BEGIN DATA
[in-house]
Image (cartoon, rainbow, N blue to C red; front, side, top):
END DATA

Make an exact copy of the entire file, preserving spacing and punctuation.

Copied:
[in-house]
Image (cartoon, rainbow, N blue to C red; front, side, top):